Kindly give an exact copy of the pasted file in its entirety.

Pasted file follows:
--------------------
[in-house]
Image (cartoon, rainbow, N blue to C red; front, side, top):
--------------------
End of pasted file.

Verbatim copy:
[in-house]
Image (cartoon, rainbow, N blue to C red; front, side, top):